|Artist: Giano||Country: US|
|Artist Type: rapper, producer, songwriter||City/State: Hampton/VA|
A few months ago US based rapper, Giano held the No.1 spot for AVR's top voted music video with his stunning hip hop visual "Prelude to a love song". Nicely done Gi, smooth, stylish and unique across the board! Now a quarter of a year down the line, Giano's track is still one of the best quality music videos we've ever had on the site. Its only fair then that in true A/V Revolution fashion we give the people what they want, more insight behind the man himself. Recently we caught up with him following the release of his latest mixtape, "Not Until They Say".
Where did you get the idea for this mixtape from?
"The idea for Not Until They Say came from discussions I’ve had among friends and other indie artists – just thinking about how much of a grind it is to continue to pursue music for the love of doing it and the connections that it can bring personally, spiritually, and creatively combined with the determination to push through setbacks and the vicissitudes of life. Sometimes it seems as if the indie artist is always walking the line between deciding to do one more (tour, album, etc.) or say enough is enough."
Who did you work with for the production side of the project? How well do you think they brought your ideas to life?
"I produced this album. I wanted each song to reflect my experience, musically and lyrically to create a cohesive solo effort."
What was the meaning behind the track and overall project? Has it been received well?
"The meaning behind Not Until They Say (track and album) is that it feels as though there are constant internal struggles an artist pushes through on the road to success in music. Those include the struggle between the ideal of the creativity versus what is “hot” or what is trending in social media or what bloggers like to see wrapped in a nice bow for them to like or hate. Indeed there are thousands of artists all vying for the same affection of the world and Not Until They Say was a musical moment for me to sit with myself as an artist and consider what true artistic happiness for me looks like."
What are the most encouraging and least encourage things people have said about your music?
"Most encouraging: That my music changed the person’s life in some minor or major way.
Least encouraging: That people don’t really give the music a listen and make judgments based on preconceived notions.
Right now, how important is money to you when you make your music and why?
"Money always means a lot to me when I’m creating music. It costs money to make quality songs, albums, videos, and overall artistic presentation. It’s almost always a loss in some greater or lesser degree and time always suffers more than all. I recognize the necessity of providing people a product they can sit with and being relatively unknown, it’s important for me to minimize risk by offering songs or albums for free downloads , which I like to do since, as a consumer, I enjoy receiving the same from other artists. "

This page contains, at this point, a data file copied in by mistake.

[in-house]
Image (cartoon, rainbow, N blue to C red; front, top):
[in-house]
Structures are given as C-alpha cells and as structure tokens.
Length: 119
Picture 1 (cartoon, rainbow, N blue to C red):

Do you think revolution should ever be profitable? Why? / Why Not?
"It depends on what a person defines revolution as. If revolution is the means that causes necessary change in a culture, society, or ideology, then I wouldn’t think one could put a price on that. Revolution in that case would be priceless. If you monetize revolution, then the money that funds the revolution can be used to manipulate the people who need to effect change, which compromises the integrity of the revolution. Some people think music is revolution. I disagree. I think music can be a soundtrack to revolution, but no revolutionary ideals can be summed up in the length of a song (or collection of songs).
Revolution, to me, is about thinking for one’s self. Figuring out what truth is and following truth, not matter the cost. Music can present ideals, but it should not dictate them for the listener because it’s counterproductive to base your ideals on someone else’s conclusion (i.e., the song) and call that revolution. Music should have a price on it, because it costs money to make quality music. However, the impact of the music to support the continual growth of minds and hearts, i.e., the revolution, that is priceless."
Does underground music have more educational value than mainstream content? Share some examples..
"I am not of the mind that underground music is more sensible or more educational than mainstream music. Underground music can be just as raunchy and senseless as mainstream music. The difference between underground and mainstream is the broadness of the audience. Many underground (unknown) artists aspire to be mainstream (well known) artists and celebrities so they pander to trends to create a buzz off of shock content, which typically is either vulgar, debased, or both. However, there are great examples in every genre of music of artists who have a great balance between sensible content, artistic creativity, and musical relevance. Underground artists who wish to be “educational” just have to be creative."
"Thanks to AV Revolution for the opportunity to interview and share my thoughts. "
Big respect to Giano for taking part in the A/V Revolution project. We hope to hear from you again very soon. Feel free to leave a comment and share with friends. Peace.